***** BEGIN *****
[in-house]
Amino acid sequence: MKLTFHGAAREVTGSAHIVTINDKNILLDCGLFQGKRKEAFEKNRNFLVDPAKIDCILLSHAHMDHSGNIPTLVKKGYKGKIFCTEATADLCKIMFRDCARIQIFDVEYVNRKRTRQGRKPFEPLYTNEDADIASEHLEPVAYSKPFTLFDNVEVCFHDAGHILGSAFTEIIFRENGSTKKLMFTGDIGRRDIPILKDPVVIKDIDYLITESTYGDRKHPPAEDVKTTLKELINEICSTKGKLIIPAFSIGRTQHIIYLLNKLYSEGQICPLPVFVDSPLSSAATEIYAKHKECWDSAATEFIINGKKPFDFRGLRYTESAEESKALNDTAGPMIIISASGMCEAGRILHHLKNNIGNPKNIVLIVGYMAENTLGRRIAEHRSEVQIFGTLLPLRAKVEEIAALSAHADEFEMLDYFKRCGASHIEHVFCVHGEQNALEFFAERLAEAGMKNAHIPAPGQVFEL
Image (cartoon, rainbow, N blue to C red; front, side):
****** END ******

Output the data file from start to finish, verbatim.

[in-house]
Amino acid sequence: MKLTFHGAAREVTGSAHIVTINDKNILLDCGLFQGKRKEAFEKNRNFLVDPAKIDCILLSHAHMDHSGNIPTLVKKGYKGKIFCTEATADLCKIMFRDCARIQIFDVEYVNRKRTRQGRKPFEPLYTNEDADIASEHLEPVAYSKPFTLFDNVEVCFHDAGHILGSAFTEIIFRENGSTKKLMFTGDIGRRDIPILKDPVVIKDIDYLITESTYGDRKHPPAEDVKTTLKELINEICSTKGKLIIPAFSIGRTQHIIYLLNKLYSEGQICPLPVFVDSPLSSAATEIYAKHKECWDSAATEFIINGKKPFDFRGLRYTESAEESKALNDTAGPMIIISASGMCEAGRILHHLKNNIGNPKNIVLIVGYMAENTLGRRIAEHRSEVQIFGTLLPLRAKVEEIAALSAHADEFEMLDYFKRCGASHIEHVFCVHGEQNALEFFAERLAEAGMKNAHIPAPGQVFEL
Image (cartoon, rainbow, N blue to C red; front, side):